Diabetes is a manageable disease, but it takes a good amount of work and some special gear to keep your blood sugar level within range and prevent complications. Some diabetes devices help you monitor your blood sugar levels, while others deliver insulin if (and when) you need it.
Here’s a rundown of all the different devices you might use to manage diabetes.
The newest addition to the field of diabetes devices is so high tech that it can mimic the action of your real pancreas. The U.S. Food and Drug Administration approved the first artificial pancreas, called the MiniMed 670G, in September 2016. It’s designed for people with type 1 diabetes and those with type 2 diabetes who need insulin.
The artificial pancreas constantly monitors your blood sugar level through a sensor you wear on your skin. It sends the reading to an insulin infusion pump that you wear on your body. When your blood sugar is too high, the pump automatically releases insulin through a tube called a catheter. It also releases a continuous small amount of insulin called a basal dose throughout the day.
Blood glucose meter
Measuring your blood sugar gives you — and your doctor — a window to see how well you’re controlling your diabetes. Having persistently high blood sugar can put you at risk for complications like nerve damage and kidney problems. Good blood sugar control can help you avoid these issues.
You use a blood glucose meter to test your blood sugar throughout the day. Here’s how it works: You use a lancet or other sharp device to prick your finger. Then you place a drop of blood on the test strip and insert it into the machine. The meter will tell you whether your blood sugar is too low (in which case you might need to eat some fast-acting carbohydrates) or too high (in which case you might need to take insulin).
Depending on which type of diabetes you have, you may need to test your blood sugar first thing in the morning, before meals, before and after you exercise, and before bedtime.
Continuous glucose monitor
These monitors are like automated blood glucose meters. They give you an overview of your blood sugar levels throughout the day to help you fine-tune your treatment.
A small sensor goes under your skin. It measures the blood sugar levels in fluid around your skin cells. A transmitter that sits on top of the sensor sends the data on your blood sugar levels wirelessly to a receiver, which stores that information so you can share it with your doctor.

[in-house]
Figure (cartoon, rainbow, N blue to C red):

Some continuous glucose monitors also contain a pump that delivers insulin.
If you’re not a fan of syringes, an insulin pen can be a quick and easy way to give yourself insulin. It looks and feels much like a pen you’d use to write with, but instead of ink, it contains insulin. Some insulin pens come preloaded with insulin. Others require you to change the disposable insulin cartridge.
To use an insulin pen, you dial in the correct dose, insert the needle into your abdomen (or wherever you normally inject), and press the button to release insulin.
If you’re giving yourself multiple doses of insulin throughout the day, it may be easier to use a pump than a syringe or pen. The pump works kind of like your own pancreas. It releases small amounts of insulin throughout the day, and larger doses at mealtimes. You (with your doctor’s help) simply program in how much insulin to deliver and when to deliver it.
These devices are for people who are fearful of needles or who find injections too painful. A jet injector uses high-pressured air to push a spray of insulin through your skin — without needles. Then the insulin moves through your skin into your bloodstream.
The bottom line
There are a variety of different monitors, pumps, and injectors on the market. Talk to your doctor and work with a certified diabetes educator (CDE) to determine not only which device is best for you, but also which brand will be best to suit your individual needs, as there are many different features to choose from. Also, ensure that you feel educated and comfortable with how to use the devices.